The Big Time

The Big Time
Fritz Leiber, 1957

Premise: What starts out as a usual day for The Place - rest stop for soldiers in the Change War - becomes much more dangerous as personalities, ideologies and plots clash between the soliders and the entertainers.

First of all, the prose here is fantastic. The narration is by Greta, once a "party girl" from Chicago, now separated from her time-line to be comfort and companion to those who fight in the Change War, which rages across all time and space. The dialogue is wonderful. The characters come from all different points in history, and speak polyglots of language from their own time mixed with slang picked up from others.

I'm less sold on the ending: the closing speeches are a bit silly to me, but the plot itself is very nice. The introduction of the edition I read compared it to a stage drama, and I would too: a collection of people come to a place under great stress, and begin to love and fight and argue, shifting alliances and dealing with interpersonal conflict.

The cast of characters is what makes the story zing along. There's Greta and the other Entertainers: Sid who runs the Place, Beau the pianist, Doc the drunk (every bar has a drunk, even those suspended in the Void), the other girls: Maud the therapist and cynic, Lili the young and romantic. Add to this three soldiers: Erich, brash, bossy and proud, Mark, broken and quiet, and Bruce, firey and young. Plus three more, rescued from near death, two non-humans and Kaby, an ancient amazon. And then there's a bomb and a mutiny. Sparks fly.

It's short, which is good, although it still comes to the edge of wearing out its premise. Despite a lackluster denoument, this is still a solid exploration of humanity in extremis.

3 Stars - A Good Book

List of Hugo Award Winners


  1. Wonderful choice! I was so pleased to see this pop up on the Vintage site. I read The Big Time back in January of 2008 after a friend gifted it to me. We had recently become enamored of Leiber's Fafhrd and the Gray Mouser books and wanted to read his SF. Though the other two guys I read it with were less thrilled with it, I really got into it and it is a book that has stuck with me all of these years. I actually rated it a little lower than my usual because of some of the same issues you had, but it is a fascinating story and one that does "zing"...perfect description.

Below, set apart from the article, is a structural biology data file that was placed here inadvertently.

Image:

Greta Forzane has remained one of my favorite characters in literature over these last 4 years. She is a delight. I'm really going to have to re-read this one of these days. There is another short story written by Leiber set in this universe that I have recently tracked down in a collection and now cannot recall the name. I'll have to check when I get home. In the meantime, here is my review if you are interested:

  2. Thanks, Carl! Reading through the early Hugo winners is really opening me up to a lot of gems, unique and fascinating books that I'd never heard of or never gotten around to.

    Everyone else: for much more information on The Big Time, check out Carl's great review in the comment above!


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